Situation Stockholm was initially concerned that Swedes would be hesitant to use a card on the street.

“This was one of the things we were wondering about — how safe people would feel with iZettle and this box — but they do,” CEO Stolt said. “Now we will reach people who actually never carry cash.”

Copyright Washington Post/Bloomberg News 2013

Start your day with The Independent, sign up for daily news emails
newsAnother week, another dress controversy on the internet
Dave Mackay lifts the FA Cup in 1967 having skippered Spurs to victory
Life and Style
Scientist have developed a test which predicts whether you'll live for another ten years
Life and Style
Marie had fake ID, in the name of Johanna Koch, after she evaded capture by the Nazis in wartime Berlin
historyOne woman's secret life as a Jew in wartime Berlin
ebooksA special investigation by Andy McSmith
Latest stories from i100
Have you tried new the Independent Digital Edition apps?
Independent Dating

By clicking 'Search' you
are agreeing to our
Terms of Use.

iJobs Job Widget
iJobs General

Recruitment Genius: Telesales & Customer Service Executive - Call Centre Jobs

£7 - £9 per hour: Recruitment Genius: Are you outgoing? Do you want to work in...

Ashdown Group: Finance Manager - Covent Garden, central London - £45k - £55k

£45000 - £55000 per annum + 30 days holiday: Ashdown Group: Finance Manager - ...

Ashdown Group: Systems Administrator - Lancashire - £30,000

£28000 - £30000 per annum: Ashdown Group: 3rd Line Support Engineer / Network ...

Recruitment Genius: Graduate Web Developer

£26000 - £33000 per annum: Recruitment Genius: A Web Developer is required to ...

Day In a Page

Syrian conflict is the world's first 'climate change war', say scientists, but it won't be the last one

Climate change key in Syrian conflict

And it will trigger more war in future
How I outwitted the Gestapo

How I outwitted the Gestapo

My life as a Jew in wartime Berlin
The nation's favourite animal revealed

The nation's favourite animal revealed

Women like cuddly creatures whilst men like creepy-crawlies
Is this the way to get young people to vote?

Getting young people to vote

From #VOTESELFISH to Bite the Ballot
Poldark star Heida Reed: 'I don't think a single bodice gets ripped'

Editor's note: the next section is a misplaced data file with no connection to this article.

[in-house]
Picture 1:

Poldark star Heida Reed

'I don't think a single bodice gets ripped'
The difference between America and Israel? There isn’t one

The difference between America and Israel? There isn’t one

Netanyahu knows he can get away with anything in America, says Robert Fisk
Families clubbing together to build their own affordable accommodation

Do It Yourself approach to securing a new house

Community land trusts marking a new trend for taking the initiative away from developers
Head of WWF UK: We didn’t send Cameron to the Arctic to see green ideas freeze

David Nussbaum: We didn’t send Cameron to the Arctic to see green ideas freeze

The head of WWF UK remains sanguine despite the Government’s failure to live up to its pledges on the environment
Author Kazuo Ishiguro on being inspired by shoot-outs and samurai

Author Kazuo Ishiguro on being inspired by shoot-outs and samurai

Set in a mythologised 5th-century Britain, ‘The Buried Giant’ is a strange beast
With money, corruption and drugs, this monk fears Buddhism in Thailand is a ‘poisoned fruit’

Money, corruption and drugs

The monk who fears Buddhism in Thailand is a ‘poisoned fruit’
America's first slavery museum established at Django Unchained plantation - 150 years after slavery outlawed

150 years after it was outlawed...

... America's first slavery museum is established in Louisiana
Kelly Clarkson: How I snubbed Simon Cowell and become a Grammy-winning superstar

Kelly Clarkson: How I snubbed Simon Cowell and become a Grammy-winning superstar

The first 'American Idol' winner on how she manages to remain her own woman – Jane Austen fascination and all
Tony Oursler on exploring our uneasy relationship with technology with his new show

You won't believe your eyes

Tony Oursler's new show explores our uneasy relationship with technology. He's one of a growing number of artists with that preoccupation
Ian Herbert: Peter Moores must go. He should never have been brought back to fail again

Moores must go. He should never have been brought back to fail again

The England coach leaves players to find solutions - which makes you wonder where he adds value, says Ian Herbert
War with Isis: Fears that the looming battle for Mosul will unleash 'a million refugees'

The battle for Mosul will unleash 'a million refugees'

Aid agencies prepare for vast exodus following planned Iraqi offensive against the Isis-held city, reports Patrick Cockburn